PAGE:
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Passing new fields to an object

Paulo da Silva-3
In reply to this post by Steven D'Aprano-11
On 13-06-2015 02:25, Steven D'Aprano wrote:
> On Fri, 12 Jun 2015 16:53:08 +0100, Paulo da Silva wrote:
>
...

>
> You should use SimpleNamespace, as Peter suggests, but *not* subclass it.
> If you subclass it and add methods:
>
> class C(SimpleNamespace):
>     def foo(self, arg):
>         print("called foo")
>
>
> then you risk overriding foo method, as above. If you don't add methods,
> there is no need to subclass.
>
> Instead, use composition: your class should *contain* a SimpleNamespace,
> not *be* one:
>
> class C:
>     def __init__(self, **param):
>         self.ns = SimpleNamespace(param)
>     def __getattr__(self, attrname):
>         return getattr(self.ns, attrname)
>     def foo(self, arg):
>         print("called foo")
>
>
> instance = C(a=1, b=2, foo=3)
> # later
> instance.foo("x")  # prints "called foo"
>
>
> The special method __getattr__ only runs if the attribute name is not
> found in the usual way, so the method foo will continue to be found and
> not be overridden by the param foo.

Always learning!

Thanks a lot.



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Passing new fields to an object

Peter Otten
In reply to this post by Steven D'Aprano-11
Steven D'Aprano wrote:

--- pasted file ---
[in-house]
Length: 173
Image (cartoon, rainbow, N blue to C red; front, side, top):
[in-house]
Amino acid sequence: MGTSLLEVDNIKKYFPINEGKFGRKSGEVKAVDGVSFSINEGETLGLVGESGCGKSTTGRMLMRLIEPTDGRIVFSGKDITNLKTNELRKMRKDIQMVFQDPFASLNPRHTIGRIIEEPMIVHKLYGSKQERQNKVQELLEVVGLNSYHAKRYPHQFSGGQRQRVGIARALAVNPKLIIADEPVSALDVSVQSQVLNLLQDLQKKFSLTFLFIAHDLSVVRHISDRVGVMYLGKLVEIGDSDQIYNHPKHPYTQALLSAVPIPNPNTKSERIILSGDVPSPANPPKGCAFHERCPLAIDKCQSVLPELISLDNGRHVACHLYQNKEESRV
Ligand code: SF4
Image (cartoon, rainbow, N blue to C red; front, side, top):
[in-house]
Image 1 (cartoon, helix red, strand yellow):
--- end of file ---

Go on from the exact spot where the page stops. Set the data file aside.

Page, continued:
> On Fri, 12 Jun 2015 16:53:08 +0100, Paulo da Silva wrote:
>
>> I would like to do something like this:
>>
>> class C:
>> def __init__(self,**parms):
>> ...
>>
>> c=C(f1=1,f2=None)
>>
>> I want to have, for the object
>> self.f1=1
>> self.f2=None
>>
>> for an arbitrary number of parameters.
>>
>> What is the best way to achieve this?
>
>
> Others have suggested that you update the instance dict with the keyword
> parameters:
>
>     self.__dict__.update(parms)
>
>
> But I suggest that you should be very careful with this technique,
> because it can lead to surprising problems and bugs in your code. If your
> class has methods (and what sort of class doesn't have methods?), this
> will override them and lead to mysterious failures in your code:
>
> instance = C(a=1, b=2, method=3)
> # much later
> result = instance.method(args)  # will raise exception
>
>
> You should use SimpleNamespace, as Peter suggests, but *not* subclass it.
> If you subclass it and add methods:
>
> class C(SimpleNamespace):
>     def foo(self, arg):
>         print("called foo")
>
>
> then you risk overriding foo method, as above. If you don't add methods,
> there is no need to subclass.

I sometimes do it anyway if only to get a meaningful class name.

> Instead, use composition: your class should *contain* a SimpleNamespace,
> not *be* one:
>
> class C:
>     def __init__(self, **param):
>         self.ns = SimpleNamespace(param)

**param

>     def __getattr__(self, attrname):
>         return getattr(self.ns, attrname)
>     def foo(self, arg):
>         print("called foo")
>
>
> instance = C(a=1, b=2, foo=3)
> # later
> instance.foo("x")  # prints "called foo"

>>> c = C(ns=42)
>>> assert c.ns == 42
Traceback (most recent call last):
  File "<stdin>", line 1, in <module>
AssertionError

Yes, it's less likely, but now that the OP has two convenient ways to
produce a name clash I think it's time to repeat that there is one bullet-
proof approach: use a dict ;)

> The special method __getattr__ only runs if the attribute name is not
> found in the usual way, so the method foo will continue to be found and
> not be overridden by the param foo.